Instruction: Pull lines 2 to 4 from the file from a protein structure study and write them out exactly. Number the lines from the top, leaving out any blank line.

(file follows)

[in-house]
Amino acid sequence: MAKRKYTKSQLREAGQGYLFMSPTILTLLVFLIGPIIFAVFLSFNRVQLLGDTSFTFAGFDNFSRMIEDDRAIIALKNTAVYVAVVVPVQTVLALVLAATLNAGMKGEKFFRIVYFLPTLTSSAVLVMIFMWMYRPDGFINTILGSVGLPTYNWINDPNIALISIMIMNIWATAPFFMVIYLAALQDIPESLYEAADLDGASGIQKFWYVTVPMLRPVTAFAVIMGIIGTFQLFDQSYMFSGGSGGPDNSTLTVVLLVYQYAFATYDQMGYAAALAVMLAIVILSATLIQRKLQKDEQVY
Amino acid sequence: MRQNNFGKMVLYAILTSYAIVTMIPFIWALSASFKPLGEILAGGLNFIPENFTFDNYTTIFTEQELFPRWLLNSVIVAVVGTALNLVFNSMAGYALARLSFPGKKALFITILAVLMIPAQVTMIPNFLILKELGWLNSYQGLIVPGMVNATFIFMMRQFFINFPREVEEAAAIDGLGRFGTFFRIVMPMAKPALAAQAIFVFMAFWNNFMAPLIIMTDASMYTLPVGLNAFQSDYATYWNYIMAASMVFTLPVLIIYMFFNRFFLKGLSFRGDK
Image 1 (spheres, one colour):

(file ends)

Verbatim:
Amino acid sequence: MAKRKYTKSQLREAGQGYLFMSPTILTLLVFLIGPIIFAVFLSFNRVQLLGDTSFTFAGFDNFSRMIEDDRAIIALKNTAVYVAVVVPVQTVLALVLAATLNAGMKGEKFFRIVYFLPTLTSSAVLVMIFMWMYRPDGFINTILGSVGLPTYNWINDPNIALISIMIMNIWATAPFFMVIYLAALQDIPESLYEAADLDGASGIQKFWYVTVPMLRPVTAFAVIMGIIGTFQLFDQSYMFSGGSGGPDNSTLTVVLLVYQYAFATYDQMGYAAALAVMLAIVILSATLIQRKLQKDEQVY
Amino acid sequence: MRQNNFGKMVLYAILTSYAIVTMIPFIWALSASFKPLGEILAGGLNFIPENFTFDNYTTIFTEQELFPRWLLNSVIVAVVGTALNLVFNSMAGYALARLSFPGKKALFITILAVLMIPAQVTMIPNFLILKELGWLNSYQGLIVPGMVNATFIFMMRQFFINFPREVEEAAAIDGLGRFGTFFRIVMPMAKPALAAQAIFVFMAFWNNFMAPLIIMTDASMYTLPVGLNAFQSDYATYWNYIMAASMVFTLPVLIIYMFFNRFFLKGLSFRGDK
Image 1 (spheres, one colour):